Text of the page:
Although the invention has been described above with reference to a preferred embodiment, it will be understood by those skilled in the art that numerous variations are possible which are obvious after reading the above description and which fall within the scope of the appended claims.
|Cited Patent||Filing date||Publication date||Applicant||Title|
|US4657828||Apr 8, 1986||Apr 14, 1987||Fuji Electric Company Ltd.||Fuel cell system|
|US5976724||Jul 15, 1997||Nov 2, 1999||Niagara Mohawk Power Corporation||Fuel cell power plant with electrochemical autothermal reformer|
|US6277508 *||Jul 17, 1998||Aug 21, 2001||International Fuel Cells Corporation||Fuel cell power supply with exhaust recycling for improved water management|
|US6423435 *||Mar 2, 2000||Jul 23, 2002||Daimlerchrysler Ag||Fuel cell system with an assigned hydrogen generating arrangement|
|JPH04321502A||Title not available|
|JPH05129029A||Title not available|
|JPH07235322A||Title not available|
|JPH09223511A||Title not available|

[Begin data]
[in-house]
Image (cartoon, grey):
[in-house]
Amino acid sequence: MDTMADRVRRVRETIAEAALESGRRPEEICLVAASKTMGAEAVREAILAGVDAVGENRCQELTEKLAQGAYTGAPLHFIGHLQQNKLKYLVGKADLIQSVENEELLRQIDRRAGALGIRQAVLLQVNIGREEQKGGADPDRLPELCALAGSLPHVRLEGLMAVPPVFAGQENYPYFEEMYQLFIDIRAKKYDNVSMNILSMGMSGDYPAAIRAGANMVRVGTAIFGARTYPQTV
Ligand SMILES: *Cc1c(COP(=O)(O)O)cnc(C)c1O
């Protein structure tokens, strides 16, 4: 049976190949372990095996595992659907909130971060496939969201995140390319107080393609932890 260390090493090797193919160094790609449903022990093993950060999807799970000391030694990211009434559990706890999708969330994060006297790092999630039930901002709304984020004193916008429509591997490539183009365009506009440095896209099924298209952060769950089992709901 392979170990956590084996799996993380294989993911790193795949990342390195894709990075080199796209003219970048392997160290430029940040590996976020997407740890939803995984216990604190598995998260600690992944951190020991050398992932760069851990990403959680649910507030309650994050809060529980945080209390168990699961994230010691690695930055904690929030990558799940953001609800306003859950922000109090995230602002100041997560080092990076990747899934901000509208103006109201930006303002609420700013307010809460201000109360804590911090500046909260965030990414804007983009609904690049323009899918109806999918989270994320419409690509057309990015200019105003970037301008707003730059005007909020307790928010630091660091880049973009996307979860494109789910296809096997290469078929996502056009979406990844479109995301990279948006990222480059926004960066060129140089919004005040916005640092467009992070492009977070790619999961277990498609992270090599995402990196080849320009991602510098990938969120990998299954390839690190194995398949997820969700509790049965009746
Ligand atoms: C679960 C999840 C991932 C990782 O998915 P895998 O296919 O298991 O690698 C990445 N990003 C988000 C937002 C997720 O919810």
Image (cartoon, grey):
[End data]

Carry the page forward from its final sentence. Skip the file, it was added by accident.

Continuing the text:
|WO2000016426A1||Jul 16, 1999||Mar 23, 2000||Int Fuel Cells Corp||Fuel cell power supply with exhaust recycling for improved water management|
|Citing Patent||Filing date||Publication date||Applicant||Title|
|US20110061376 *||Aug 16, 2010||Mar 17, 2011||Mcalister Technologies, Llc||Energy conversion assemblies and associated methods of use and manufacture|
|U.S. Classification||429/412, 429/416|
|International Classification||H01M8/06, H01M8/04, H01M8/10|
|Cooperative Classification||H01M2300/0082, H01M8/04223, H01M8/04022, Y02E60/50, H01M8/0612, H01M8/04231|
|European Classification||H01M8/04C8, H01M8/06B2|
|Dec 18, 2002||AS||Assignment|
|Sep 19, 2008||FPAY||Fee payment|
Year of fee payment: 4
|Nov 12, 2012||REMI||Maintenance fee reminder mailed|
|Mar 29, 2013||LAPS||Lapse for failure to pay maintenance fees|
|May 21, 2013||FP||Expired due to failure to pay maintenance fee|
Effective date: 20130329